Pros and Cons: Local Macarons

It’s sort of a pavlovian response.  Macarons?  Stop and try some.  In New York, I’m better at resisting the imminent lure of these French confections.  In Bristol?  Well, I’ve never had to resist the lure until now.

Maybe I’m trying to give you a defense for why I purchase three neon macarons.  Look at the colors.  Can you even guess which flavors I chose?  The green is pistachio, that much is obvious.  But neon blue for vanilla and fuchsia as raspberry?  Those hues can only come from a heavy  hand working with a little bottle of chemical magic.

Still, macarons! And in Bristol!

Last year, around this time actually, I suddenly got a craving for macarons.  I searched high and low for the little beauties but couldn’t find anything.  Typical, I thought, small town lack of foreign foods.  I chalked it up to the same narrow-mindedness that doesn’t sell tempeh and wheat berries in the regular grocery store.

My mistake, I wasn’t looking hard enough. though I still think tempeh should have a wider audience.

During my reading week, that blissful week after exams when there are no classes and, thus, no work, I found myself with little else to do but roam the streets.  Of course, I mean this in the best possible way.  I got horribly lost, the English aren’t all that fond of street signs, and found myself goodness knows where.

On the verge of tears, I spotted some macarons from across the street.  Perhaps this says something?  I’m hopelessly blind when it comes to spotting my name on lists or paying attention to large cars hurtling towards me, but tiny pastries in a storefront I can spot like that.  It’s almost seinfeld-ian.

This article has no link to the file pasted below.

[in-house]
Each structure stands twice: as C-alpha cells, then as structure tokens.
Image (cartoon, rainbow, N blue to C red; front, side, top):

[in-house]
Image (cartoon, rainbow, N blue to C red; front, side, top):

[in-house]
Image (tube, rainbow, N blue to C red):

I ran across the street (told you I can’t see large metal objects speeding towards me) and ran into the pastry shop.  It was a little dingy, quite dark and not that authentic looking, but I couldn’t help myself.  Despite the neon bombs facing me, I chose three out of five possible flavors.  They were 80p each.  Not too bad; cheap even when transferred to dollars ($1.25).

So, how did they taste?

Sugar.  They tasted resoundingly of sugar and meringue.  Nothing at all like the flavors they were marked as.  Raspberry?  Besides the spot of jam in the centre I have no idea how this could be marked as any fruit flavor.  The buttercream filling was vaguely chocolatey, but the only hint of raspberry was the color.

Pistachio?  Almond paste, maybe.  This was, however, my favorite one.

Vanilla?  The filling was basically vanilla frosting.  I liked it, but it wasn’t really a macaron.

Basically, I didn’t find authentic macarons.  These were more meringue shells piped, baked and filled.  Sure, they would work in a macaron-craving pinch, but they aren’t something I’d go after.

What’s your favorite difficult-to-find food?  


2 thoughts on “Pros and Cons: Local Macarons

  1. Maja

    definitly macarons! when I lived near paris, I practically ate them for dessert every day. in germany, they’re hardly available. I finally have to try making them myself…

    1. Emilia Post author

      Oh my, french macarons properly from France every day? I’m quite envious, how lucky you were! Unfortunately, they are so difficult to find outside of France, it’s unfair, isn’t it? I definitely do recommend you try making some soon, they are a bit tricky, but completely satisfying when you finally get the hang of them! 🙂


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